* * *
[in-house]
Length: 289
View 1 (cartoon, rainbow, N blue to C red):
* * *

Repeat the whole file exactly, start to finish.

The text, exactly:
[in-house]
Length: 289
View 1 (cartoon, rainbow, N blue to C red):